Making Peace With Self Promotion

I prepare for writing projects as if they are adventures, so when I sat down to write a book chapter this spring, I was excited. The topic was self-promotion in social media, for the forthcoming The Complete Guide to Science Blogging, made possible by an NASW Ideas Grant. My coffee was hot, my playlist was inspired, and my background research had me buzzing… but before I started writing, I first saved the tweet I would post when I submitted:

Screen Shot 2014-05-30 at 11.08.47 AM

Those of you who knew Steve Schneider may find the cadence to be a familiar one. He wrote, “In my view, staying out of the fray is not taking the “high ground”; it is just passing the buck.” These are deliberately provocative soundbites designed to question countervailing norms: they are fighting words. I like this approach, but – as we teach in our workshops – advocacy for yourself or your science – online or off – is a deeply personal decision with lasting consequences.

In the chapter, I write that there seems to be “a deep-seated belief that while the work of content creation is noble, the work of drawing attention to that content is distasteful if not in fact degrading. It’s an emotional reaction, exacerbated by the suspicion that the usual advice for increasing traffic—repetition, jumping into comment threads to mention your post, direct requests to retweet—can indeed annoy the very people you hope to impress, particularly if you are female. In the past five years, I’ve taught social media to hundreds of researchers in dozens of workshops, and have never had a discussion about self-promotion that didn’t feel at least a little uncomfortable.” Consider it to be a professional skill – you need to learn how to do it well, despite feeling awkward at the outset. The three most common arguments I hear are:

1) But I don’t want to annoy people 

  • Soundbite version: Thank you for being a decent human being!
  • But seriously: Thank you. Fortunately, bad behavior is not inextricable from self-promotion. I enjoyed reading this paper: titled “Self Praise in Microblogging,” it distinguishes between bragging (associated with inflated ego and deceit) and positive disclosure (associated with healthy self-confidence). Hint: it’s not using the word “I” instead of “we” that’s the problem. Bragging is aggressive, competitive, and often exaggerated. Positive disclosure shares true information, is modest in scope, and is often moderated by praise of others. The former annoys people, and there are studies of exactly how and why. It’s a false dichotomy to set up silence as the only alternative to obnoxiousness.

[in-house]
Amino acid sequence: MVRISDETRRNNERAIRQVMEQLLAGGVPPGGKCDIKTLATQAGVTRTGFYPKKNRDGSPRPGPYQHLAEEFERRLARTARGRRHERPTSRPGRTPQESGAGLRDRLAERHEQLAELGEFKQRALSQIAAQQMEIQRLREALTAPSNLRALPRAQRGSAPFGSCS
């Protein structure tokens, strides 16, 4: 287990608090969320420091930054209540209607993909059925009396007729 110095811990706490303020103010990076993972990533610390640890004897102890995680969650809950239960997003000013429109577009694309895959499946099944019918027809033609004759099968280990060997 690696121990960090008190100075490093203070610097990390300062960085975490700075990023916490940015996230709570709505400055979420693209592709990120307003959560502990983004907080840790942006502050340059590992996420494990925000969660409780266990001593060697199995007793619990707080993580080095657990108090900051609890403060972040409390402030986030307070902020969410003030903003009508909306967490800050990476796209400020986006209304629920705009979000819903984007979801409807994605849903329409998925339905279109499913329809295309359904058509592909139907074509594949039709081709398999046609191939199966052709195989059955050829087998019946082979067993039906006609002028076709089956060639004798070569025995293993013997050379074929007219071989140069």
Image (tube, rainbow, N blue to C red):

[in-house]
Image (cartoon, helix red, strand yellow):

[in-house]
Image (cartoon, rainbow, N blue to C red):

2) But I want my work to speak for itself

  • Soundbite: Sorry. You know better.
  • But seriously: If you are not familiar with the concept of the attention economy, I recommend reading up on it. In short, it argues that conditions of information superabundance have shifted the historical dynamic and made undivided attention a precious commodity. Furthermore, we do not make these decisions independently, but are strongly influenced by our networks. I am reminded of what Noshir Contractor presented at the 2013 Sackler Colloquium: it’s definitely not just what you know, nor even who you know (social networks), but also who they think you know (cognitive social networks) and what who you know knows (knowledge networks). Wishful thinking about meritocracy ignores the abundant science about how information and attention flow in human societies.

3) But I don’t want to overpromise

  • Soundbite: Ok… so don’t do that then?